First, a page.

Turn left at the next intersection: Why the US needs a viable third party by Donald Earl Collins


The past few months of student protests against Israel’s war on Gaza, and the way they were suppressed by the authorities and maligned as “violent” and terror-adjacent even by supposedly left-leaning, progressive political leaders exposed an important truth: the United States is in desperate need of a viable, left-to-centre-left third party committed to democracy.

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It’s not just the Republicans and their open embrace of fascism that is the problem any more. The response of President Joe Biden and other leading Democrats to the student protests made clear that these days even the party supposedly representing the left in America is leaning right, and has an obvious anti-democratic bent.

“Order must prevail … Vandalism, trespassing, breaking windows, shutting down campuses, forcing the cancellation of classes and graduations. None of this is a peaceful protest,” Biden said referring to the Gaza solidarity protests at Columbia University on May 2. “Smashing windows with hammers and taking over university buildings is not free speech. It is lawlessness,” Senate Majority Leader Chuck Schumer had said a few days earlier.

Not only are their characterisations of what has occurred at Columbia and dozens of other universities just plain wrong, but their words sound like they may have been lifted directly from Richard Nixon’s famous “Silent Majority” speech from 1968. “When the nation with the greatest tradition of the rule of law is plagued by unprecedented lawlessness,” Nixon had said then, “when the President of the United States cannot travel abroad or to any major city at home without fear of a hostile demonstration – then it’s time for new leadership for the United States of America.”

Democrats today are sounding like the Republicans of the past for one simple reason: both parties have moved significantly to the right in the past 50 years.

Indeed, since Nixon’s time in power, administrations from both parties pushed for laws and policies that favoured corporations over working people and created the conditions for “dark money” to shape and dominate American politics. They allowed large corporations and the billionaire set to avoid paying their fair share in taxes, deepening inequality and enhancing societal divisions.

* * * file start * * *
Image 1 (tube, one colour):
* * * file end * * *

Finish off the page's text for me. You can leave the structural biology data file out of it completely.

Now and again, the Democrats did criticise the Republicans for their ruthlessness on social welfare entitlements and public spending, but they always supported the annual near-trillion-dollar defence appropriation with enthusiasm, exposing their right-wing tendencies.

Democratic leaders still talk about “empathy” and how they “feel the pain” of everyday Americans. They still claim to be the party of democracy and justice – the only force that could “protect” America from the increasing authoritarianism of Trump’s far-right Republicans. But their continued military and political backing of Israel’s apartheid regime amid its war on Gaza and insistent characterisation of antiwar protests as a national security threat says more about their priorities, and approach to justice and democracy, than any of their speeches.

And its approach to the war in Gaza and protests against it in the US is just one issue among many that underscores the Democratic Party’s massive leap towards the right.

Take reproductive rights. President Donald Trump’s appointment of three anti-abortion justices to the Supreme Court may be the immediate cause of the Dobbs decision (2022) that overturned Roe v Wade (1973). Yet it was the failure of Democratic majorities in Congress under Presidents Carter, Clinton, and Obama to codify reproductive rights in the 1970s, 90s, and 2000s that paved the way for the eventual dissolution of women’s reproductive rights in this country.

The same is true about climate change mitigation. Sure, Biden once promoted a national climate change initiative that has included a ban on oil and fossil fuel drilling for more than 40 percent of the National Petroleum Reserve in Alaska. But he has also approved in 2023 the controversial Willow oil-drilling project in Alaska’s North Slope region, deep in the Arctic Circle. And despite Congress’s passage of the Inflation Reduction Act of 2022, with $500bn in tax incentives to make the US a zero-emissions nation by 2050, it will unlikely meet its initial 2030 goals, much less achieve carbon neutrality in 26 years. There are also several high-ranking Democrats, like Senator Joe Manchin, who do not want the US to take any meaningful action to mitigate the climate crisis, exposing the ever-expanding reach of right-wing positions within the party.

With the Democrats proudly assuming positions which were once reserved solely for the most right-wing Republicans, on issues ranging from foreign policy and climate change to social security and women’s rights, the need for a third, left-wing party is obvious.

The US may be a historically right-leaning country which has consistently moved further to the right over the years, but this does not mean it is lacking truly left-wing voices.